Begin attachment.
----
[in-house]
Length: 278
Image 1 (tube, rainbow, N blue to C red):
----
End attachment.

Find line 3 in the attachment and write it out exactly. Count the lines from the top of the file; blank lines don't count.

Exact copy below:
Image 1 (tube, rainbow, N blue to C red):